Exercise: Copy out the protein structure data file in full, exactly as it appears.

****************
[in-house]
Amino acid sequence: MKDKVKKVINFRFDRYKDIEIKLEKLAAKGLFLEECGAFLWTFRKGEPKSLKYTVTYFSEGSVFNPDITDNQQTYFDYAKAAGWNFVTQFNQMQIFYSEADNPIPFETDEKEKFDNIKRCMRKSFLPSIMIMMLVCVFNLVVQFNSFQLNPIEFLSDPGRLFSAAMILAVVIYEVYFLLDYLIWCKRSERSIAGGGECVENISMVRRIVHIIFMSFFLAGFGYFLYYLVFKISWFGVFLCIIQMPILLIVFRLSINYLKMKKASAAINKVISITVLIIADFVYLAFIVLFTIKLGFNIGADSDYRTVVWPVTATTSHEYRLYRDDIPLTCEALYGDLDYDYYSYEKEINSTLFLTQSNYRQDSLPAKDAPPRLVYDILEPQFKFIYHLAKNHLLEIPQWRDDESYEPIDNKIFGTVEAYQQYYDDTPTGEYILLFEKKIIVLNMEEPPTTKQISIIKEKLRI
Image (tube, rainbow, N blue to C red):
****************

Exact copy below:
[in-house]
Amino acid sequence: MKDKVKKVINFRFDRYKDIEIKLEKLAAKGLFLEECGAFLWTFRKGEPKSLKYTVTYFSEGSVFNPDITDNQQTYFDYAKAAGWNFVTQFNQMQIFYSEADNPIPFETDEKEKFDNIKRCMRKSFLPSIMIMMLVCVFNLVVQFNSFQLNPIEFLSDPGRLFSAAMILAVVIYEVYFLLDYLIWCKRSERSIAGGGECVENISMVRRIVHIIFMSFFLAGFGYFLYYLVFKISWFGVFLCIIQMPILLIVFRLSINYLKMKKASAAINKVISITVLIIADFVYLAFIVLFTIKLGFNIGADSDYRTVVWPVTATTSHEYRLYRDDIPLTCEALYGDLDYDYYSYEKEINSTLFLTQSNYRQDSLPAKDAPPRLVYDILEPQFKFIYHLAKNHLLEIPQWRDDESYEPIDNKIFGTVEAYQQYYDDTPTGEYILLFEKKIIVLNMEEPPTTKQISIIKEKLRI
Image (tube, rainbow, N blue to C red):